In Focus: 8/20/2010
SOUTHWESTERN WELCOMES ITS LARGEST CLASS EVER
Southwestern is setting three enrollment records this fall – it is welcoming its largest and most diverse first-year class ever and also the largest student body in its 170-year history.
This fall the university welcomed 384 first-year students as well as 54 transfer students. The total student body is expected to be around 1,386, compared to 1,301 last fall.
Both increases are tied to Southwestern’s new Strategic Plan for 2010-2020, which calls for increasing the size of its student body to 1,500 students.
The first-year class is 42 percent male and 30 percent are minority students – both up from last year. 49 percent of the first-year students graduated in the top 10 percent of their high school class and these students had an average SAT score of 1215 and an average ACT score of 27. The class has students from 23 states and four foreign countries.
SOUTHWESTERN ALSO WELCOMES FOUR NEW FACULTY MEMBERS
Southwestern also is welcoming four new tenure-track faculty members this fall, several of whom have international backgrounds. Read all about them here.
SOUTHWESTERN TO HOLD COMMUNITY AUDITIONS FOR ‘THE MAN WHO CAME TO DINNER AUG. 23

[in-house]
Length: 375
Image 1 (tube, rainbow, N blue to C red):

The Theatre Department is holding community auditions Aug. 23 for roles in its upcoming production of The Man Who Came to Dinner by Moss Hart and George S. Kaufman. All members of the Georgetown and Williamson County community who would like to work with Southwestern students and faculty on this production are invited to audition.
Auditions will take place on Monday, Aug. 23, from 5:30-7 p.m. in the Jones Theater. To schedule an audition, please contact Stage Manager Cat Winsor at email@example.com. Interested actors should prepare a one-minute, age-appropriate monologue from a 20th century American playwright. Read more here.
FACULTY RECITAL AUG. 31
Soprano Dana Zenobi and pianist David Utterback will perform in a faculty recital on Tuesday, Aug. 31, 2010 at 7 p.m. in the Alma Thomas Theater. The concert will feature works by Felix and Fanny Mendelssohn, as well as a song by Franz Liszt.
The performance is free and open to the public. For more information, call The Sarofim School of Fine Arts at (512) 863-1504.
The Williamson County Sun ran a story about Nobel Laureate Ahmed Zewail giving the 2010 Commencement Speech.
The Williamson County Sun ran a story about members of the SU Chorale who are going to China. The Austin American-Statesman mentioned the SU Chorale’s trip to China in a larger story about Texas being represented at the 2010 World Expo.
The Williamson County Sun ran a story about Southwestern’s economic impact in Georgetown.
An NCAA publication featured Southwestern’s lacrosse team. Read the story here.
Roger Young, director of Career Services, was quoted in a story Community Impact News did about job hunting for recent graduates. Read the story here.